A while ago, I made these ricotta gnocchi for the blog. I actually make them all the time; I love a meal that you can have on the table within a matter of minutes. The original recipe calls for plain flour but I’d been wondering for a while whether it would be possible to change it up a little and swap in some different flours. The answer I came to is, sort of.

In order to keep the gnocchi light and fluffy, you do need to use mainly plain flour. Using whole grains, or any other type of flour, produces a much denser result and really quite an unpleasant bite. After many experiments and a whole lot of gnocchi-eating, I think the recipe below has the perfect balance. The gnocchi maintain their pillow-like texture but there’s a hint of nuttiness and wholesomeness from the buckwheat flour. Deb first introduced Marcella Hazan’s tomato, butter and onion sauce to me. I knock up a batch most weeks. Sometimes, however, I’m too lazy to chop an onion in half as required by the recipe. I can report, however, that just simmering a tin of chopped tomatoes and a small knob of butter makes a pretty stellar sauce.

Buckwheat gnocchi with tomato and butter sauce
Gnocchi recipe provided by Toby Kennedy, sauce recipe adapted from Marcella Hazan via smitten kitchen
Yield: Serves 2

For the sauce:

  • 1 x 400g (8 oz) tin of chopped tomatoes
  • 1/2 tablespoon unsalted butter
  • Salt and pepper to taste
For the gnocchi:
  • 200g (8 oz, 1 cup)ricotta
  • 2 egg yolks
  • A pinch of nutmeg
  • A pinch of black pepper
  • 100g (3/4 cup + 1 tablespoon)plain/all purpose flour
  • 65g (1/2 cup)buckwheat flour

Cooking Directions

  1. To make the sauce, simmer together the tomatoes and the butter in a large pan for 30 min or so until the tomatoes have broken down. Season with salt and pepper to taste.
  2. To make the gnocchi, mix all the ingredients into a dough with your hands but don’t overwork the mixture (no more than 5 minutes of kneading).
  3. Separate your dough into two balls and roll each into a sausage shape on a lightly floured worktop.
  4. Cut into gnocci-sized pieces and cook in a pan of boiling salted water. They should float to the top once they are cooked.
  5. Add the gnocchi to the sauce and serve immediately.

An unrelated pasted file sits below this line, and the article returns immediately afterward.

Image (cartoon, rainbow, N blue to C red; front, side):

19 Responses to "buckwheat gnocchi with tomato and butter sauce"
  1. Jenny @ BAKE says:

    These look delicious, I love tomatoes but alas I’m allergic! Though these look like they would be perfect paired with some pesto. I hadn’t even considered tomatoes and slave labour, that really is quite a shock!

  2. Erin says:

    How interesting that you post this today, because I JUST listened to a podcast yesterday about Florida’s tomato farm situation.
    And while I can easily boycott by the simple fact that I don’t like tomatoes, I can’t say the same about chocolate or several other types of foods that have a similar background situation.
    Being aware and responsible with where your food comes from is so important, and seeing this post is really encouraging me to be better about it with my own food.

  3. These look absolutely delicious – pockets of pillowy gnocci perfection and a lovely sauce to boot. The only thing better than a delicious dish is a delicious dish for a good cause!

  4. Thank you SO MUCH for linking and talking about this issue, it is greatly appreciated! Make sure to link up this recipe during the exchange, it sounds amazing. I love gnocchi, I am sure that the buckwheat variety would be perfect! Thanks again Kathryn!

  5. Seth says:

    This is wonderful! My mouth is watering – and I’m even more grateful for your support for Recipe for Change (#R4C) this summer, along with the #TomatoLove Recipe Exchange. I just posted this on the #R4C Facebook page! Thanks again, Seth Wispelwey – Field Organizer, International Justice Mission

    P.S. We have a UK office!

  6. THIS. is freaking gorgeous. I just made gnocchi last week, so when you see next week, don’t think I’m copying. ;)


  7. Thank you for sharing this issue Kathryn – I hadn’t come across it – its quite shocking – in the US in this day and age. We buy Fairtrade as much as we can, and local produce, but this has given me more food for thought (so to speak).

    Regarding plain flour, have you tried Shauna’s (Gluten Free Girl)all purpose flour mix? She recommends a fixed ratio of starch to grain. I’ve used it in cookies and brownies, but not yet dared to with gnocchi.

  8. Gnocchi, my ultimate weakness! And that tomato and butter sauce sounds to die for!